How Many Languages are Recognised by the Constitution of India

How Many Languages are Recognised by the Constitution of India
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INDIA since ancient time is a land of diversity, colors, and uniqueness. As it is the same in the matter of languages. India is the land of many languages because of its diversity in people, customs, beliefs, etc. In the constitution Schedule, Eighth deals with the reorganization of official languages. This schedule includes Article 344(1) and 351.    

Languages in the Eighth Schedule

The Schedule includes 22 languages:

  1. Assamese, 2. Bengali, 3. Gujarati, 4. Hindi, 5. Kannada, 6. Kashmiri, 7. Konkani, 8. Malayalam, 9. Manipuri, 10. Marathi, 11. Nepali, 12. Oria, 13. Punjabi, 14. Sanskrit, 15. Sindhi, 16. Tamil, 17. Telugu, 18. Urdu, 19. Bodo, 20. Santhali, 21. Maithili, and 22. Dogri.   

In which 14 languages are already present since enforcement. Sindhi was added during the 21st Constitutional Amendment in the year 1967. Konkani, Manipuri, and Nepali were added during the 71st Constitutional Amendment in the year 1992. Santhali, Maithili, Bodo, and Dogri were added during the 92nd Constitutional Amendment in the year 2003. 

Language for Union

Article 345 of the Constitution deals with the language of the Union. The official language for Union is Hindi which is in Devanagari Script. From the 15 years of duration after the enforcement of the Indian Constitution, English continues to be used for the official work of the Union. The President during those 15 years through order may use Hindi in addition to the English and Devanagari numerals in addition to the International Indian numerals for any such official work.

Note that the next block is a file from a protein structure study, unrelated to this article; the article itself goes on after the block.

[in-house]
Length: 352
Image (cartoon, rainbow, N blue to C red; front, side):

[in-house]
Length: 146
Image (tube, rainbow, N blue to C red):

Language of State

Article 346 and 347 deals with that State Legislature can adopt any one or more languages for the state. Hindi will be the language to be used for an official purpose of the state. 

Language of Judiciary and Laws

Language of the Supreme and High Court and the Act, etc. is as per the provision of this Part unless the Parliament doesn’t pass any law. The Governor of State by the consent of the President uses Hindi or any language for any official purpose of the State only. 


Written by Dheeraj Kumar

Dheeraj Kumar, an ambitious final year law student from GGSIPU, new Delhi He is very positive, realistic n has a keen interest in writing legal articles related to ADR, mediation, family law, and criminal law. He has worked with different support groups and NGOs. He loves to travel, cook, and learn new things. He has a self-confident and motivated person.

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